Millennials are pricing themselves out of the housing market

By Gerv Tacadena

Millennial homebuyers would rather pay costly rent than save for a home deposit

The Great Australian Dream is increasingly becoming a distant dream for millennials, and their personal choices may be their own undoing.

According to a new study by the Australian Institute of Health and Welfare (AIHW), millennials seem to be pricing themselves out from the market by choosing to pay for higher rents instead of saving for a home. Why would anyone do this? To live closer to work, apparently.

The report found that private renting has increased significantly from 18.4% to 25.3% over the past decade, as the proportion of households in state and territory housing programs declined from 5.5% to 3.5%. It also showed that homeownership has gone down from 71.4% to 67.5% during the same period.

“Australia is experiencing generational change when it comes to homeownership, with younger households being affected by factors such as economic constraints, lifestyle choices and work-home preferences … limiting their ability to become homeowners," the report said, as quoted by News.com.au.

This study is a far cry from the research by Westpac. According to the bank, roughly 70% of Westpac Life savings account holders between 25 to 34 years old actually save money for homes.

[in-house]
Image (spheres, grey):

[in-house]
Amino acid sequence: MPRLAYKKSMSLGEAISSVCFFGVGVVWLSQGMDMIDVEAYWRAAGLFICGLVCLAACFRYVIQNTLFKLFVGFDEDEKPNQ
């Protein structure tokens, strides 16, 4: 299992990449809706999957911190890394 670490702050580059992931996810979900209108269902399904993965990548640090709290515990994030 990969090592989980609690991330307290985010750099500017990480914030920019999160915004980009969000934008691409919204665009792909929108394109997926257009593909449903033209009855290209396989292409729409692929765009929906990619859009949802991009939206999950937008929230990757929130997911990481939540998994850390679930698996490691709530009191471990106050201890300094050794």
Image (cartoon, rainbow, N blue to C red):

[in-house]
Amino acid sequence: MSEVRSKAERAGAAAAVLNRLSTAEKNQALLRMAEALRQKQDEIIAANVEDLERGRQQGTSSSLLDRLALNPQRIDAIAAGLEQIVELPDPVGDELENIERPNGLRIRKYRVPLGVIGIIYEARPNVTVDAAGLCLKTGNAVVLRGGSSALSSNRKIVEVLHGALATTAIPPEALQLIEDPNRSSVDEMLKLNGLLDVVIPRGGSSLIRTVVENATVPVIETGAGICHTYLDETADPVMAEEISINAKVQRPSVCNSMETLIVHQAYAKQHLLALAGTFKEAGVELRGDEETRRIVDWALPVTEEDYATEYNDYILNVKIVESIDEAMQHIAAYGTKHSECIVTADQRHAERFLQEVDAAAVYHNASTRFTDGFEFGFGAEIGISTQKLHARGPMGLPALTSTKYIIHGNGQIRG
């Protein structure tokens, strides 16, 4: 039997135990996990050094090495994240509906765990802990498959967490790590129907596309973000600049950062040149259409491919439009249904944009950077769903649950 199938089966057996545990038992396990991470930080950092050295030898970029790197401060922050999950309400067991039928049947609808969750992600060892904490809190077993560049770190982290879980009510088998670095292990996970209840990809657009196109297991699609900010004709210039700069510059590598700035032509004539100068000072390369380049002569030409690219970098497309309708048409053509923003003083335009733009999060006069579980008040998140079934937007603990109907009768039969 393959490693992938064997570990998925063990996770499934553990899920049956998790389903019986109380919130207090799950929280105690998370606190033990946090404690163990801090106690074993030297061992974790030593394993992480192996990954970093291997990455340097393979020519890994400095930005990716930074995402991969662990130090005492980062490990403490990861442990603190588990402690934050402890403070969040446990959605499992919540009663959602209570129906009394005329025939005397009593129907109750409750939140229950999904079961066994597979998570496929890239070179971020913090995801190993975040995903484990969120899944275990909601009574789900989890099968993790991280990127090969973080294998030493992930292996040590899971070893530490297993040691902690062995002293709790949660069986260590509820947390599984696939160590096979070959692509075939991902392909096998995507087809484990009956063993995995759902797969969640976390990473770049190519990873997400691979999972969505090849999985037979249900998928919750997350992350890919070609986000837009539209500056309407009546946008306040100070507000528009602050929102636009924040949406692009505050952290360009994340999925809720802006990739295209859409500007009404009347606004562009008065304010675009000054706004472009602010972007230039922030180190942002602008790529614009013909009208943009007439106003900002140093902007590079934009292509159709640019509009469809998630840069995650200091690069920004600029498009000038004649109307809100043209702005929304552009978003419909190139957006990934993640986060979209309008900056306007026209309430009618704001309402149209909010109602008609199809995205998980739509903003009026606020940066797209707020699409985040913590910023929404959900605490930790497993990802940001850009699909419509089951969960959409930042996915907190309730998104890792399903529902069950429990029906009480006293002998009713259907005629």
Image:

Westpac head of savings Kathryn Carpenter said while millennials are often portrayed as the generation who are more focused on life experiences, their data shows that they are also serious when it comes to saving for a home deposit.

"It’s great to see our millennial Westpac Life customers making the most of their savings plans and the timing could not be better with the current cooling of the property market," Carpenter said.

The AIHW report also cited other factors that contributed to the dwindling number of homeowners. For instance, it said that affordability in Australia has broadly declined since the early 1980s, with Sydney showing the steepest price hikes.

The study also noted the decreasing of new housing allocations, as well as the changes in state and territory housing programs.

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